Diarra scores 17 in first career start as K-State holds off Oklahoma StateJanuary 12, 2018 10:16pm

Jan. 10--Cartier Diarra had waited -- quite literally -- years for this.

The redshirt freshman replaced injured point guard Kamau Stokes in the starting lineup Wednesday night in Kansas State's 86-82 win over Oklahoma State. It marked Diarra's first start since February 17, 2016, his final game at West Florence (South Carolina) High School.

After missing last season with a torn ACL, he has come a long way, both on the road and the basketball court.

In his 37 minutes of action, Diarra tallied a career-high 17 points, snagged four rebounds and threaded four assists, taking over point guard duties with Stokes sidelined indefinitely by a foot injury. Diarra converted six of his 12 shots, including a 2-for-3 effort on 3-point attempts.

"No, not really," Diarra said about any feelings of nervousness prior to tipoff.

In the first half, he caught an alley-oop pass from forward Dean Wade and flushed it, his spindly locks flowing as he landed and jogged back on defense.

"It was OK. I didn't jump as high as I (could have)," said Diarra, smiling as he referenced his 44-inch vertical. "Got two points, though."

Then, late in the second half, he took a swing pass on the wing from Amaad Wainright, drove to the basket and finished an and-one, side-stepping Oklahoma State guard Lindy Waters under the rim to do so.

There was also the Euro-step he used to navigate around Cowboy forward Mitchell Solomon -- all 6-foot-9 of him -- and finish a difficult layup, good for a 45-42 lead in the early stages of the second half.

His biggest shot may have been his longest, a triple from the corner that both secured for K-State a 68-60 lead with five minutes to play and re-energized a Bramlage Coliseum crowd that vacillated between raucous and anxious as the game wore on.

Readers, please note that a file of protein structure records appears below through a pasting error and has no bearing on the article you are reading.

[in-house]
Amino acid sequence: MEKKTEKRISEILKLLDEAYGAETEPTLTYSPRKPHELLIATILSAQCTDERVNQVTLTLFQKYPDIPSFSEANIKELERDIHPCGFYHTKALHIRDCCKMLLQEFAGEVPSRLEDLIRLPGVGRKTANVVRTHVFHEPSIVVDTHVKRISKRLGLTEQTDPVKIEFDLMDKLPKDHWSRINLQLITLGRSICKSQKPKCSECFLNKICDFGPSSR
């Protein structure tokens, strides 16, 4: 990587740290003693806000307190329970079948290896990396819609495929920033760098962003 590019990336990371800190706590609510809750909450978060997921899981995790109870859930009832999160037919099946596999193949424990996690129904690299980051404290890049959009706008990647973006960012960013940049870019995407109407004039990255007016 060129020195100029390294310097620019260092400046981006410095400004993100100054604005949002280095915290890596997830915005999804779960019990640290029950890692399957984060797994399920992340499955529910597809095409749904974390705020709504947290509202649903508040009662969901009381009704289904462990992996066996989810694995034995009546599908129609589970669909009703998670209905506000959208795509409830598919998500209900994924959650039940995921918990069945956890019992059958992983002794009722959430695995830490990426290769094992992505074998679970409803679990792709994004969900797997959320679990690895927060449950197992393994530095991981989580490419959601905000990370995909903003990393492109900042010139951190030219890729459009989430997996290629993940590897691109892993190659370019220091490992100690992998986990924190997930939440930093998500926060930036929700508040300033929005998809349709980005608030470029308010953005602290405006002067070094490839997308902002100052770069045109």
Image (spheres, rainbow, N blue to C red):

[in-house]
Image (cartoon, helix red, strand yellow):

All the while, Diarra paired with K-State guard Barry Brown, who posted a career-best 38 points, to make for dynamic backcourt duo. The two combined for more points than the rest of the team.

If Diarra struggled anywhere Wednesday night, it was on defense.

For most of the night, he was tagged to Oklahoma State guard Brandon Averette, who scored 22 points.

At a critical stage, with K-State holding onto a 70-62 lead as the clock ticked under four minutes, Diarra forced Averette into a desperation, fall-away jumper that missed badly.

At the other end, Diarra snared an offensive rebound to preserve a possession that ended when forward Xavier Sneed connected on a fadeaway jumper. Still, Weber thinks his precocious guard can make strides on the defensive end.

"We had trouble with Averette, staying in front of him," Weber said. "I think that's one thing (with) Cartier, (he's a) little bit casual (and) doesn't understand how quick they are."

Diarra himself admitted as much.

"I do sometimes get lost," Diarra said, "and I need to work on being locked-in at all times. I'm working on that moving forward."

Perhaps Diarra had this sterling of an outing coming.

After the Wildcats fell on the road Saturday to Texas Tech, Weber said Diarra spent the night watching film and getting shots up well past midnight, determined to improve even after recording 11 points off the bench.

And he hopes to see the team's play carry over into Saturday's game at arch-rival Kansas.

"I've seen the fire and the grit we played with last year," Diarra said. "Hopefully we come out with a 'W' this time."


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